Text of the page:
- characterized by or given to open exhibition or expression of one's emotions, attitudes, etc., especially of love or affection: She wished her fiancé were more demonstrative.
- serving to demonstrate; explanatory or illustrative.
- serving to prove the truth of anything; indubitably conclusive.
- Grammar. indicating or singling out the thing referred to. This is a demonstrative pronoun.
- Grammar. a demonstrative word, as this or there.
Origin of demonstrative
Examples from the Web for non-demonstrative
I am as cold and non-demonstrative as we islanders are usually reputed to be; but your kindness made my frame thrill.How I Found Livingstone
Henry M. Stanley
- tending to manifest or express one's feelings easily or unreservedly
- (postpositive foll by of) serving as proof; indicative
- involving or characterized by demonstrationa demonstrative lecture
- conclusive; indubitabledemonstrative arguments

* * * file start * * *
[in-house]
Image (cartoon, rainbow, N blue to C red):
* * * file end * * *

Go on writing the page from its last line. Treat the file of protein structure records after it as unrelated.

- grammar denoting or belonging to a class of determiners used to point out the individual referent or referents intended, such as this, that, these, and thoseCompare interrogative, relative
- grammar a demonstrative word or construction
Word Origin and History for non-demonstrative
late 14c., "characterized by logic, based on logic," from Old French démonstratif (14c.), from Latin demonstrativus "pointing out, demonstrating," from past participle stem of demonstrare (see demonstration). Grammatical sense, "pointing out the thing referred to," is mid-15c. Meaning "given to outward expressions of feelings" is from 1819. Demonstrative pronoun is late 16c.